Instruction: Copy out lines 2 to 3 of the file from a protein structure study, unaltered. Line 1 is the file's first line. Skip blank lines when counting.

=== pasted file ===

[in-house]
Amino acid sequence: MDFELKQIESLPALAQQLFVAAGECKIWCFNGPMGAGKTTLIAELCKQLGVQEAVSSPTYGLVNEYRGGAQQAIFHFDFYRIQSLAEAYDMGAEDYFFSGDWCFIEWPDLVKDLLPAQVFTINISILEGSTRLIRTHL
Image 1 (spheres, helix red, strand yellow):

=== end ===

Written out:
Amino acid sequence: MDFELKQIESLPALAQQLFVAAGECKIWCFNGPMGAGKTTLIAELCKQLGVQEAVSSPTYGLVNEYRGGAQQAIFHFDFYRIQSLAEAYDMGAEDYFFSGDWCFIEWPDLVKDLLPAQVFTINISILEGSTRLIRTHL
Image 1 (spheres, helix red, strand yellow):